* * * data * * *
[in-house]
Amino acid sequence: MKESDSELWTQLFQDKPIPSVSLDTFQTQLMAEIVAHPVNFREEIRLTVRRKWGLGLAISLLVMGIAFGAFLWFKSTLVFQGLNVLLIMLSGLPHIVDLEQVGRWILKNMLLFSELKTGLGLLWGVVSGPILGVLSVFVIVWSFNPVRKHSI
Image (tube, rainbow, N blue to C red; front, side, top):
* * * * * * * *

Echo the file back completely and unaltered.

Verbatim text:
[in-house]
Amino acid sequence: MKESDSELWTQLFQDKPIPSVSLDTFQTQLMAEIVAHPVNFREEIRLTVRRKWGLGLAISLLVMGIAFGAFLWFKSTLVFQGLNVLLIMLSGLPHIVDLEQVGRWILKNMLLFSELKTGLGLLWGVVSGPILGVLSVFVIVWSFNPVRKHSI
Image (tube, rainbow, N blue to C red; front, side, top):